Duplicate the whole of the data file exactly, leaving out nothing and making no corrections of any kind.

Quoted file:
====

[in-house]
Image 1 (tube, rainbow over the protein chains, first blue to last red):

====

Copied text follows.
[in-house]
Image 1 (tube, rainbow over the protein chains, first blue to last red):